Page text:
In its new draft recommendations(www.uspreventiveservicestaskforce.org) on screening for intimate partner violence (IPV) and abuse of elderly and vulnerable adults, the U.S. Preventive Services Task Force (USPSTF) recommends clinicians screen women of childbearing age for IPV and either provide or refer women who screen positive to intervention services. However, the task force is less sure about the benefits of screening elderly or vulnerable adults.
The task force changed its 2004 stance on IPV after an evidence review(www.uspreventiveservicestaskforce.org) indicated that currently available screening instruments "accurately identify women experiencing IPV" and that the benefits of screening outweigh the harms.
"For IPV, there is adequate evidence that available screening instruments can identify current and past abuse or increased risk for abuse," the USPSTF said in its statement. "Several instruments used in more than one study were highly sensitive and specific. The USPSTF concludes with moderate certainty that screening women of childbearing age for IPV has a moderate net benefit."
The B recommendation on IPV from the task force applies to asymptomatic adult women ranging from 14 to 46 years of age.
- After an evidence review, the U.S. Preventive Services Task Force (USPSTF) now recommends that clinicians screen women of childbearing age for intimate partner violence and either provide or refer women who screen positive to intervention services.
- The USPSTF did not change its recommendation regarding screening for abuse of elderly and vulnerable adults, concluding too little evidence exists to recommend for or against screening.
- The comment period on the draft recommendations ends July 10 at 5 pm EDT.
The AAFP, which has not yet updated its own 2004 recommendations, recognizes that all family physicians should be "alert to physical and behavioral signs and symptoms associated with abuse or neglect," but in 2004, the Academy had concluded that the evidence was insufficient to recommend for or against screening adults or adolescents of either sex for intimate partner violence. The Academy plans to update its recommendations after the USPSTF publishes its final conclusions later this year.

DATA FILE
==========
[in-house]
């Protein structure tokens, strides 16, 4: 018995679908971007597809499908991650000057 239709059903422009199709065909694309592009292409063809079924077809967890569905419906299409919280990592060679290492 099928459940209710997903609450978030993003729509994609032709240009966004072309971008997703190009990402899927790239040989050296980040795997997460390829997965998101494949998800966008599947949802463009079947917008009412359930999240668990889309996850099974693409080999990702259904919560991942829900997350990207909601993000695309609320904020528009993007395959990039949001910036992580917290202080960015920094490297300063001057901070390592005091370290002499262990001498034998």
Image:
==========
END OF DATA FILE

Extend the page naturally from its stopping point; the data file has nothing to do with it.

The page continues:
The task force's new draft recommendation statement is available for comment until July 10, 2012, at 5 pm EDT.
With regard to screening elderly or vulnerable adults (i.e., physically or mentally dysfunctional adults) for abuse and neglect, the task force and the Academy remain on the same page, concluding that the evidence is insufficient to assess the balance of the benefits and harms of screening.
"Little information is available on the prevalence of abuse among noninstitutionalized elderly or vulnerable adults, although reported rates range from 2 to 25 percent," the USPSTF said in its statement.
The task force also said evidence was insufficient to affirm the accuracy of screening or early detection or that screening or early detection reduces exposure.
According to the USPSTF statement, child abuse and neglect will be addressed(www.uspreventiveservicestaskforce.org) in a separate draft recommendation that is being developed.